The Pope’s First Tweet and the End of the World

The Pope’s First Tweet and the End of the World

So the End of the World has still not yet happened, and perhaps you are tired of all this waiting?

In case you’re on tenterhooks, you can keep abreast of Doomsday live at the Guardian blog.

As for me, I’ve lost count of the number of predicted apocalypses in recent times. Earlier this year, 21 May was announced (then promptly retracted) by the Californian ‘Christian preacher’, Harold Camping. But believing in nonsense normally ends in disappointment. When that date passed without doom, some people were quick to console Mr. Camping:

Of course, Mr. Camping can’t have read his Bible very carefully. For Our Lord clearly states that we cannot predict his Second Coming: ‘Watch, therefore, for ye know neither the day nor the hour wherein the Son of Man cometh.’ (Mt. 25:13) Perhaps we will one day make reasonable predictions when the world will end, not from religious posturing but from scientific observation – of the Sun’s expansion, of wayward asteroids, or whatever. But no such threat is even remotely plausible at the moment and should not trouble our sleep in the slightest.

Far more important is the fact that the Second Coming could happen any minute now, without any warnings or predictions whatsoever. So, although apocalypse is the theme of the readings at Mass at the end of the liturgical year (i.e. just before Advent), it remains relevant now, for Advent is the period par excellence of watching and waiting.

Of course, Advent is not explicitly a preparation for apocalypse, but for Christmas; and it would be foolish to conflate these two! More importantly, we have to reject ‘secular’ understandings of apocalypse, by which people mean the simple destruction of the world. For Christians, ‘apocalypse’ – literally the unveiling, or revelation – is God’s definitive act of re-making the cosmos. So, the end of the world is not destruction, but re-creation: ‘a new heaven and a new earth’ (Rev. 21:1).

It’s been a good month for earth-shattering claims. A great storm of anticipation arose when it was announced that the Pope, with brand-new Twitter accounts in eight languages, would send his first ever tweet on 12 December (that one in June 2011 doesn’t count because it wasn’t from his personal account…).

So, without a single tweet, the Holy Father (@pontifex) amassed over a million followers – at least when you add up his accounts in all languages – while not ‘following’ anyone but his own accounts in return. I took this snapshot a little earlier, but by the time his first tweet came out he had over 723,000 followers in English.

And, when it at last appeared, what did the pope’s first tweet actually say

Dear friends, I am pleased to get in touch with you through Twitter. Thank you for your generous response. I bless all of you from my heart.

With all the hype, the media and the Twitterati quickly pounced on it, according to the full range of rather predictable responses. And immediately, @pontifex achieved a better retweeting record than Justin Bieber.

Five more tweets followed the same day. Look them up (or click image below), if you haven’t already, and notice what @pontifex is saying. He asking predictable rhetorical questions, followed by pithy, profound answers. The format is unusually clipped, but the content is what we’ve come to expect from the man who is at once theologically deep and pastorally precise. No pictures of kittens. No earth-shattering revelations. Just apparently Business as Usual for the shepherd of Christ’s earthly flock. Small wonder, then, that the hype has largely subsided. The Pope is a Catholic! No news there….. although The Onion imagined some humorous alternatives (‘I’m still catholic I just don’t go to church or believe in jesus [sic]’).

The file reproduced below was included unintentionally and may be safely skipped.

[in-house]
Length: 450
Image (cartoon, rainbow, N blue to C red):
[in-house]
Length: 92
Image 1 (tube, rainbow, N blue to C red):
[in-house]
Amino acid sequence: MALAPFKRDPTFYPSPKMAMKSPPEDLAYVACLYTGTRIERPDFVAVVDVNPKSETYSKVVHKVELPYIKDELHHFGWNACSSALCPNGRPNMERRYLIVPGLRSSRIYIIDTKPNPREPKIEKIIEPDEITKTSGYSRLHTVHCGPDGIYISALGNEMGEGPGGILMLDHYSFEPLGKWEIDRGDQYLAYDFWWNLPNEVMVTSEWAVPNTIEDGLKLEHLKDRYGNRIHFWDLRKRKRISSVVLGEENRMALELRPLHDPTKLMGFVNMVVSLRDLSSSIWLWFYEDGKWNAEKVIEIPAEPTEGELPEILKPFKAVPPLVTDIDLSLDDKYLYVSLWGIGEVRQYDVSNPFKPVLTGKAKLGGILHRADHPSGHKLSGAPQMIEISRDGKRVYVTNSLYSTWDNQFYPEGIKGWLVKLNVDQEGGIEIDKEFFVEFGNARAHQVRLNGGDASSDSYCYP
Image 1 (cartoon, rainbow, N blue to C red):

But can Pope Benedict keep up this online activity? Breaking out into the Twittersphere was one thing, sending a great message for the Church and modern connectivity; but is it necessary or even beneficial in the long run? In fact, the Vatican confirmed that subsequent tweets would not be posted by the Pontiff himself, though ‘it’s always going to have his engagement and his approval’. @pontifex won’t follow other accounts (how could he/they possibly choose?), won’t crack jokes, won’t retweet or use the hashtag. In effect, the Pope is not ‘on Twitter’, in the normal sense of that phrase. It would absurd if he were.
That does not obviate the possibility of other meaningful papal interventions in secular public discourse. Witness Benedict’s article in the Financial Times, just three days ago, perhaps the first time a pope has ever written for a secular newspaper. Recall, too, how Christmas 2010 saw the papal debut on the BBC’s Thought for the Day. These are incredibly significant acts, almost necessitated by the global growth in social networks. We could almost say, it’s not enough that the Pope is the Pope: he must be seen to be the Pope! In so doing, he is reassuring those of us Catholics who are active online, that what we do here can be a fruitful work for the sake of Jesus Christ and his Gospel.

This work of the New Evangelisation is a participation in God’s own fructifying providence. God is always doing new things, always re-creating.

See I am doing a new thing! 
Now it springs up; do you not perceive it?
I am making a way in the wilderness
and streams in the wasteland. (Is. 43:19)
So it’s time to prepare – the best is yet to come. The world has not ended with a cycle of the Mayan calendar; nor with the advent of @pontifex to the world of social media. It is Christ’s coming at Christmas which we wait for in hope – an event far greater than a mere tweet, even a Papal Tweet.

Matthew Jarvis OP

Fr Matthew Jarvis is currently studying Patristics at the Catholic University of Lyon.